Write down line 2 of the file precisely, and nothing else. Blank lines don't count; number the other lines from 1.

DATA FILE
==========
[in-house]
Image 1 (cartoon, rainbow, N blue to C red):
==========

Image 1 (cartoon, rainbow, N blue to C red):